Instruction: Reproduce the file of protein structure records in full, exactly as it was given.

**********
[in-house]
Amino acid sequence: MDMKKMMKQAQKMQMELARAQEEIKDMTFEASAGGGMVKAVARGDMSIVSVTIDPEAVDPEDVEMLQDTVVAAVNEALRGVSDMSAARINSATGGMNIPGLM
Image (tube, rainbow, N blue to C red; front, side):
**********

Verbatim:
[in-house]
Amino acid sequence: MDMKKMMKQAQKMQMELARAQEEIKDMTFEASAGGGMVKAVARGDMSIVSVTIDPEAVDPEDVEMLQDTVVAAVNEALRGVSDMSAARINSATGGMNIPGLM
Image (tube, rainbow, N blue to C red; front, side):